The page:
Simple and Scannable: A Short Guide to Writing Blog Posts for Your Business

Writing and publishing articles isn’t something that comes natural to many business owners, but it’s a necessary ingredient for successful search engine traffic. Some business owners outsource writing to freelancers, while others take the time to research and write for themselves.

Writing for the web differs from traditional writing formats. It varies depending on your audience and your goals, since internet readers are not as patient as they are when reading a novel. They want content to be short, readable, and get to the point quickly.

Here are some “best practices” for writing content to be read online.

Keep It Short

Many of us (including myself) tend to over-explain things. This is especially problematic in written form. Think about of how your visitors find and read your content. Think about of how you read website content.

Your blog posts are likely read on phones or tablets within a limited time frame. Do you bring your device into the bathroom? Do you check your phone while waiting for traffic lights to turn green? How about while riding on public transit?

The key is not necessarily to keep your articles short, but rather keep your sentences short and to the point. It’s also good web reading etiquette to keep your paragraphs short and use only 2-4 sentences in each if possible.

“Do team-building activities and events during the workday, not after hours.”

Make It Scannable

Keeping written content concise is a constant battle. One easy way to do this is to break up articles into sections using Headings. Not only does this help ensure sure articles stay on topic, but it also helps readers to easily scan an article to get an overview of the content.

This helps readers quickly decide if they want to invest more time in reading your article, and it quickly provides the exact information they’re looking to consume.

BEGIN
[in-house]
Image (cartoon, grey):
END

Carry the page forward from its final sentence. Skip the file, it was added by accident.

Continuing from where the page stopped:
Omit Unnecessary Words

When I started learning about web writing, I was including a lot of unnecessary words and cliché phrases. It’s still a struggle, and I edit my content constantly to avoid unnecessary words as much as I can.

Again, it’s about keeping sentences simple and to the point. You’re not writing a novel with descriptive character traits. You’re likely sharing information that is factual and deserves a simple description rather than convoluted explanations.

If you’re not sure what kind of clichés I’m talking about, here’s a list of 681 of them to avoid.

Use a Definitive Call-to-Action

Most blog posts are written for a very specific purpose. The goal may be to motivate your readers to opt-in to your email list, to buy a product, or some other form of lead generation.

In many content management systems, you’re able to display your call-to-actions on the left or right of your content. The problem is those are static and sometimes not directly related to the subject of your article.

Make sure to include these call-to-action links or forms within your content to ensure you give your readers an opportunity to take some kind of action. Not sure what calls-to-action you should be including? Get in touch, and we’ll help you figure it out.

See what I did there?

Make It Shareable

The web is a social place. So if your readers find your content valuable, they will be inclined to share it. Make it easy for them to do so.

Allowing easy sharing comes in many forms, but the simplest method is to make your social sharing options visible. This can be done using any one of the thousands of social sharing plugins available for WordPress.


If you’d like to learn more about writing and formatting content for easier web consumption, check out these links with additional information and resources.

Writing for the Web.

Readability Scores